Deep Learning in a Single File for Smart Devices
Deep learning (DL) systems are complex and often have a few of dependencies. It is often painful to port a DL library into different platforms, especially for smart devices. There is one fun way to solve this problem: provide a light interface and putting all required codes into a single file with minimal dependencies. In this tutorial we will give details on how to do the amalgamation. In addition, we will show a demo to run image object recognition on mobile devices.
Amalgamation: Make the Whole System into a Single File
The idea of amalgamation comes from SQLite and other projects, which packs all the codes into a single source file. Then it is only needed to compile that single file to create the library, which makes porting to various platforms much easier. MXNet provides an amalgamation script, thanks to Jack Deng, to combiles all codes needed for prediction using trained DL models into a single
.cc file, which has around 30K lines of codes. The only dependency required is just a BLAS library.
The compiled library can be used by any other programming language easily. The
.h file contains a light prediction API, porting to another language with a C foreign function interface needs little effect. For example
- Go: https://github.com/jdeng/gomxnet
- Java: https://github.com/dmlc/mxnet/tree/master/amalgamation/jni
- Python: https://github.com/dmlc/mxnet/tree/master/amalgamation/python
To do amalgamation, there are a few things we need to be careful about when building the project:
- Minimize the dependency to other libraries and do.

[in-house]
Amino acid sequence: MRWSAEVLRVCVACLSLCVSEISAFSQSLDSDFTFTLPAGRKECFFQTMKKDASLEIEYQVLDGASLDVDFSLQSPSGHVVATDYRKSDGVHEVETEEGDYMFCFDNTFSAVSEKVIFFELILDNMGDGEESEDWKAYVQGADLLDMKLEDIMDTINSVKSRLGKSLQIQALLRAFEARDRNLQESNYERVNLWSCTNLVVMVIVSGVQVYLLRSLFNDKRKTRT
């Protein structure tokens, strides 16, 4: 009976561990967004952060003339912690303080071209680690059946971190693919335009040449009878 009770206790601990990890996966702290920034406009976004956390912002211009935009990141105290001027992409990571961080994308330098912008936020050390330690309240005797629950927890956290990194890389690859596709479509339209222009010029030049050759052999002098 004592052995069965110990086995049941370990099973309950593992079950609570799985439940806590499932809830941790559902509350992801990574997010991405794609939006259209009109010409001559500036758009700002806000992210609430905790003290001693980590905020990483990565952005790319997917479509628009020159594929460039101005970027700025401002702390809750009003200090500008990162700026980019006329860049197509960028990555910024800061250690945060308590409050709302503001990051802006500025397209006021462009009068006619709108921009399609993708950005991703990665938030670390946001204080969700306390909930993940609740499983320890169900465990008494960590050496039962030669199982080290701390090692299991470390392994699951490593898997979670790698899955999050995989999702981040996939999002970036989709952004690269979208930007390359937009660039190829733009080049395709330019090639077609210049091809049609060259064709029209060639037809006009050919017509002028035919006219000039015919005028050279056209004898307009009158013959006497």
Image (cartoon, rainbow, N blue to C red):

- Use namespace to encapsulate the types and operators.
- Avoid do commands such as
using namespace xyzon the global scope.
- Avoid cyclic include dependencies.
Image Recognition Demo on Mobile
With amalgamation, deploying the system on smart devices (such as Android or iOS) is simple. But there are two additional things we need to consider:
- The model should be small enough to fit into the device’s memory
- The model should not be too expensive to run given the relative low computational power of these devices
Next we will use the image recognition as an example to show how we try to get such a model. We start with the state-of-the-art inception model. We train it on imagnet dataset, using multiple server machines with GTX 980 cards. The resulted model fits into memory, but we find it can be too expensive to run. Then we remove some layers. then further remove somethings, but now the results are too pool. more explains, and the results table.
Finally, we show an Android example, thanks to Leliana, https://github.com/Leliana/WhatsThis demonstrate how to run on Android.
By using amalgamation, we can easily port the prediction library to mobile devices, with nearly no dependency. Compile on smart platform is no longer a painful task. After compiled library for smart platform, the last thing is call C-API in the target language (Jave/Swift).
Besides pre-trained Inception-BatchNorm network we provided two not bad pretrained models:
We tested on Nexus 5:
| | Top-1 Validation on ILSVRC2012 | Time | App Size | Runtime Temp Memory Req | | ---------------- | ----------------------------------- | ----- | ----————— | ---------------———————— | | FastPoorNet | around 52%, similar to 2011 winner | 1s | <10MB | <5MB | | Sub InceptionBN | around 64%, similar to 2013 winner | 2.7s | <40MB | <10MB | | InceptionBN | around 70% | 4s-5s | <60MB | 10MB |
These models are just for demo purpose, as the models are not fine tuned for mobiles, there is definitely great room for improvement. We believe making lightweight, portable and fast deep learning library is fun and interesting, and hope you have fun with the library.